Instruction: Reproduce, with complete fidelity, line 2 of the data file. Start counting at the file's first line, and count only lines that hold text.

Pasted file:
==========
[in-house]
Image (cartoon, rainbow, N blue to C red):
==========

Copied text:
Image (cartoon, rainbow, N blue to C red):